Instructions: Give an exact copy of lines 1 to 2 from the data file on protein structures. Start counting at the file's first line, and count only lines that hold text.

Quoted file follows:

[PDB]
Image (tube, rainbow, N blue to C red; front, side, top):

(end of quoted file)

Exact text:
[PDB]
Image (tube, rainbow, N blue to C red; front, side, top):